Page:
Information in evolution
The concepts of entropy and mutual information have been central in physics, information theory, and computer science for more than 50 years. Over the last decades, these concepts have started creeping into biology – from neural networks, to animal signalling and recently also evolutionary biology. In my talk I will outline our work on the connection between mutual information and biological fitness. I will then outline why the concept is so widely applicable – why does the same equation describe an ideal gas and evolving lineages.
Functional Specialization, Substrate Independence, and the Explanatory Role of Information
I’m interested in two related questions:
1) How is information different from other resources for an organism?
2) How is information different from other explanatory resources for a theorist?
In the biological world, information is a distinctive resource for living creatures. When a signal carries information for an organism, it is put to use as a guide to that which it carries information about, allowing the organism to coordinate its activities in a way appropriate to its situation. Similarly, when a signal carries information within an organism, it plays a distinctive functional role in facilitating coordination between parts of the organism separated by space or time.
Consequently, appeals to information in explanations of biological capacities gain traction when something like coordination is going on. They are especially apt when the causal role of the signal used in that coordination process is taken to be substrate independent.
In the biological cases considered, what matters are the relations between the signal, its source, and its consumer. These relations give the informational content of the signal explanatory power over and above the particular material properties of the information vehicle – consistent with the paradigmatic feature of information that it can be abstracted away from any particular substrate.
I argue that this kind of substrate independence only emerges given a degree of functional specialization or modularity in the organization of the system. Modularity requires the specialization of a mechanism for dealing with signals qua signals, as well as a clear separation between source, signal, and action.
An informational view of the evolution of living systems
Irun R. Cohen
Living systems develop, flourish and survive by virtue of the specific arrangements of their component parts. Following the insight of Shannon, we can define information as a “specific arrangement”, as opposed to randomness. From this perspective on information, we can say that living systems are made of information. Living systems, however, are not static arrangements of parts; living systems emerge from the meaningful interactions of their component parts within the system and between the system and its environment. Quite simply, Shannon’s concept of information is inadequate; living systems do not separate information – their specific arrangements – from their dynamic interactions – their meaning. As we shall discuss, the evolution of living systems emerges from the evolution of both information and meaning. The survival of specific arrangements and interactions, of course, is subject to the ravages of entropy. Thus, the evolution of living systems necessarily expresses their struggle with entropy – living systems must adapt to entropic selection along with their fit adaptations to their environments. We shall discuss how entropic selection molds the fundamental strategies of living systems.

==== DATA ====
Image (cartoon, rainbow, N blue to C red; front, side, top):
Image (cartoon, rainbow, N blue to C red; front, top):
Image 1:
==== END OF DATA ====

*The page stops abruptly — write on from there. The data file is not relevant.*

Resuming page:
Do animal signals have derived content?
Current theories of the content of animal signals tend to construe signal content either as an instance of natural information or as a kind of representational content. As a consequence, signal content is taken to be underived in the sense that what a signal means is independent of what receivers take the signal to mean (e.g. Dretske 1988). Here I explore whether signal content is better viewed as a kind of derived content. On this view, signal content depends entirely on receivers: receivers determine whether or not a behavior or structure is a signal (i.e. has content) and, if so, what it is about. One way to develop this idea is to identify signal content with the “acquisition conditions” of receiver responses, i.e. with the circumstances causing receivers to acquire (evolve or learn) certain response dispositions to a given signal. This view avoids some difficulties of alternative accounts and matches actual content attributions in animal behavior studies. More importantly, it endows such attributions with valuable referential and explanatory roles: the ethological practice of attributing content to signals can be understood as a means for picking out the acquisition conditions of receiver responses; and the practice of explaining receiver behavior by appeal to signal content can be understood as explaining the response in terms of why receivers learned or evolved to so respond in the first place.